Mixtures of resin 52 and liquid additive 54 can, in at least one embodiment, be formed into a laminated composite. The success of lamination, in certain embodiments, is assessed by the area where core 22 and skin layer 20 are neither adhesively nor cohesively bonded, i.e. core 20 and skin layer are delaminated. In at least one embodiment, the core 22 comprising substantially resin 52 and the skin layer 20 comprising substantially the liquid additive 54 have substantially no delaminations between the layers. In at least one embodiment, core 22 and skin layer 20 have delamination in less than 5% of the area between them. In another embodiment, core 22 and skin layer 20 have delamination in less than 3% of the area between them.
In certain embodiments, the resin 52 and liquid additive 54 mixture may be used with an injection molding process. The process includes setting up mold 30 having cavity 36 and a mold surface 42. Liquefied resin mixture 50 is introduced to cavity 36 through mold input 38 during an introduction time period. A stretch melting flow front 56 such as formed by fountain flow 58 in at least one embodiment covers surface 42.
Fountain flow describes the flow kinematics of the stretch melting flow front 56. Liquefied resin mixture 50, when experiencing fountain flow, follows a path moving towards the stretch melting flow front 56. Near the front 56, the liquefied resin mixture 50 may decelerate in the direction of the flow and accelerate and be stretched in a direction transverse to the direction of flow. The transverse flow may be elongational. In embodiments having elongational flow, portions of the liquefied resin mixture 50 may be oriented in the direction of the transverse flow. This portion of the liquefied resin mixture 50 may adopt the shape of the advancing stretch melting flow front 56 which may approximate a semicircular flow front.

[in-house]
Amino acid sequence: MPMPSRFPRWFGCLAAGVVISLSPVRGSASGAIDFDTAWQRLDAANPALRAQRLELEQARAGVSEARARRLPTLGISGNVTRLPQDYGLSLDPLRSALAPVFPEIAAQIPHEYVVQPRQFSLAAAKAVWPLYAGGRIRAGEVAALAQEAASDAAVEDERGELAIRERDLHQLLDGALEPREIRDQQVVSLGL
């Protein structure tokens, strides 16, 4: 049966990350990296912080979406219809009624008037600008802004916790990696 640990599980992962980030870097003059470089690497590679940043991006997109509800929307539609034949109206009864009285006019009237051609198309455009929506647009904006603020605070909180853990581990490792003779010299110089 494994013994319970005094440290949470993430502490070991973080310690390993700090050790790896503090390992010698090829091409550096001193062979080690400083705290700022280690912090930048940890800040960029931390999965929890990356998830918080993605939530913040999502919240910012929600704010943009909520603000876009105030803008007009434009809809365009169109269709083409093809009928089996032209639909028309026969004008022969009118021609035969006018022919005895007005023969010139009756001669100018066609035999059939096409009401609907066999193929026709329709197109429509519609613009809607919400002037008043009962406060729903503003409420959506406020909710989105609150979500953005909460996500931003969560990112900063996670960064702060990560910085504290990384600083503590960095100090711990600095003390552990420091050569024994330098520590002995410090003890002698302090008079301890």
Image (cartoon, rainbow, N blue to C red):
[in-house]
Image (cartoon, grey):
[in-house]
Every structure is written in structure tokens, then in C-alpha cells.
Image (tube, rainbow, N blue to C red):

In at least one embodiment, the portions of the liquefied resin mixture 50 that experience fountain flow will continue to follow the stretch melting flow front 56 until they reach the mold surface 42. In at least one embodiment, the portion of the liquefied resin mixture 50 encounters the relatively cold mold surface 42. The orientation of molecules in the portion of the liquefied resin mixture 50 will be oriented relatively parallel to the mold surface 42. In certain embodiments, the portion of the liquefied resin mixture 50 being oriented on the relatively cold mold surface 42 will crystallize or solidify while maintaining the relative orientation. The magnitude of the orientation depends, in certain embodiments, upon the rate of elongation. In portions of the solidifying or crystallizing liquefied resin mixture 50, portions that are ultimately distant from the mold surface 42 may not be quenched as rapidly as portions nearest the mold surface 42. As a consequence, the further material is from mold surface 42 the more likely some of the orientation relaxes during a cooling period before crystallization or solidification. As a consequence, material in the crystallized or solidified stretch melting flow front 56 may exhibit a gradient of reduced orientation the further the material is from the mold surface 42.